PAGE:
July 26, 2012
Thurston, Griffin promoted in College of Education
College of Education Dean Debbie Mercer has promoted two faculty members. Both assumed new responsibilities within the college this month.
Linda P. Thurston has been named the associate dean for research and external funding. Thurston came to K-State in 1984, and research and external funding has been a big part – $11 million – of her entire professional career.
Thurston’s broad background – from entrepreneur to academician – will allow her to successfully guide faculty through the intricacies of submitting proposals. She believes her two-year assignment at the National Science Foundation will be especially beneficial because she can look at proposals from an external perspective.
In the newly created position, Thurston plans to assemble a well-seasoned team to help faculty through the proposal process. "Research can be integrated with teacher preparation at an even higher level than we are currently engaged in right now," she said. "We can accomplish this in ways that do not take away from teaching and the faculty members’ other responsibilities."
Mercer believes Thurston’s unique background will advance the college on a number of fronts.
"Linda’s colleagues describe her as an accomplished researcher, dedicated mentor, vision builder, and a prolific grant generator with a current national perspective," Mercer said.
"Linda's vision for the repurposed office involves a focus on research, assisting with funding opportunities, and building a culture of awareness and productivity. I am confident she will provide strong support as our College works toward our 2025 research and funding goals."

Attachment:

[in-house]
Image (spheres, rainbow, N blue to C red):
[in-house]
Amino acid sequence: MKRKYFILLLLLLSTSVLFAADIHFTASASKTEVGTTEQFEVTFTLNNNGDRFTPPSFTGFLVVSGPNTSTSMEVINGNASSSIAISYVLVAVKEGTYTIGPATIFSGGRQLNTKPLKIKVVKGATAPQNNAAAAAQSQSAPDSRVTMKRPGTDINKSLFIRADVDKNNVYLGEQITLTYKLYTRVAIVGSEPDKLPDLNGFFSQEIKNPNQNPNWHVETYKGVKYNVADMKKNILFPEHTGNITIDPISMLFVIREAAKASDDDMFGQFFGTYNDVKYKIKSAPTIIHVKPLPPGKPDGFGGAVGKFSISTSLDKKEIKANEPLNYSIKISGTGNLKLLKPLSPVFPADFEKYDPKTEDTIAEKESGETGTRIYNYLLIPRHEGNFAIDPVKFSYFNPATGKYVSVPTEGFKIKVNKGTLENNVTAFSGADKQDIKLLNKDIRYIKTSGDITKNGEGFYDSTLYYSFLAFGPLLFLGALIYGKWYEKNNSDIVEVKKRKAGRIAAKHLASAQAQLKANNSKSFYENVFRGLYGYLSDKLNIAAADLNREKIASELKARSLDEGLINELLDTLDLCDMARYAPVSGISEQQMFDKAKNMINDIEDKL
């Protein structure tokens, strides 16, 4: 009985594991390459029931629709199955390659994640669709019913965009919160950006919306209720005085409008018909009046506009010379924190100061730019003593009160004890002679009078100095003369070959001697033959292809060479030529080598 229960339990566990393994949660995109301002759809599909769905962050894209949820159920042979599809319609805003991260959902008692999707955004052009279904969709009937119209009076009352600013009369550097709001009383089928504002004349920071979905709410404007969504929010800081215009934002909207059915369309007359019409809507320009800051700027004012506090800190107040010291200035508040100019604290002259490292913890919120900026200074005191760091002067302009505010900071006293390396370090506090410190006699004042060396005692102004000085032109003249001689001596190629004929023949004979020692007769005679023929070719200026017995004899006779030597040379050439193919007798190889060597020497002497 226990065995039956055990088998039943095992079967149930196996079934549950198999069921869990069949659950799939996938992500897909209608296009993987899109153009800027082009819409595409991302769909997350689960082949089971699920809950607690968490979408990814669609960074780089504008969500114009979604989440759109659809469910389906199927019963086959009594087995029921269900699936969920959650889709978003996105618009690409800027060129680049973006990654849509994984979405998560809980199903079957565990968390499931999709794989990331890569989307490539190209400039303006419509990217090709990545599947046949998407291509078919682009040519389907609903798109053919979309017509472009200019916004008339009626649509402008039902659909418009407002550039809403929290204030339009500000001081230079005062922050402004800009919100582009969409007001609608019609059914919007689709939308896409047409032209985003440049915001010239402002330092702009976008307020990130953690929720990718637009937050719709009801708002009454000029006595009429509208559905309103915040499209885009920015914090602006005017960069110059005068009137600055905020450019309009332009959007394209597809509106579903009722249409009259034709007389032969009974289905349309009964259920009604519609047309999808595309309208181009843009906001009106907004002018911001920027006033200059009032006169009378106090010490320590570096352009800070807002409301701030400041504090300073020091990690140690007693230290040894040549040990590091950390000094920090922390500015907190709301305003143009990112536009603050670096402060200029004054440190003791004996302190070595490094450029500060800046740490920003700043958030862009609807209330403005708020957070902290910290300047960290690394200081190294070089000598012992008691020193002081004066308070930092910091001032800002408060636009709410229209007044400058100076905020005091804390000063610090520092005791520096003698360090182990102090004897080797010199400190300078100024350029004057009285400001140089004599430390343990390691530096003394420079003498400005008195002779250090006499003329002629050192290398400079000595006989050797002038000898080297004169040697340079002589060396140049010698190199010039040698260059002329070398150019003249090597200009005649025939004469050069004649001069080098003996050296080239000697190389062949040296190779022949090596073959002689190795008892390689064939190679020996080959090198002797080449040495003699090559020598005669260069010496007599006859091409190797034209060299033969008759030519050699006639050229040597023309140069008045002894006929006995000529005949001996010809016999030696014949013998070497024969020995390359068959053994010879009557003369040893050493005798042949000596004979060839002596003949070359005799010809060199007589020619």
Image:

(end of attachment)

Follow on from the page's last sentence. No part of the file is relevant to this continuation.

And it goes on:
David Griffin has been named the new assistant dean-director of the Center for Student and Professional Services. A former K-12 teacher, principal and director of secondary education, Griffin has spent the last seven of his 21 years at K-State as the assistant dean for diversity.
Just like the beginning of his career, the opportunity to work closely with students and to positively influence many aspects of their academic experiences was what drew him to the position. Griffin believes his background equipped him with an innate sense of the powerful ways student services could impact education majors. This vision would extend far beyond the classroom.
"My vision is to collaboratively build upon the unique organizational structure and strengths of the Center for Student and Professional Services in order to design a state-of-the-art center that is recognized by colleagues and counterparts across the academic academy," Griffin said. "Through this effort, it is assured that students will continue to receive the best academic service that addresses the whole student – academically, socially and culturally."
Mercer thinks Griffin is the ideal candidate for this position because of his professional experience and unwavering support for students.
"David is known to his colleagues as a student advocate," Mercer said. "His strong administrative background, both in preK-12 settings, as well as within the college uniquely position him to lead our Center for Student and Professional Services to national recognition as a model advising center. David’s leadership will be key as we enhance the undergraduate experience as part of the college’s 2025 plans."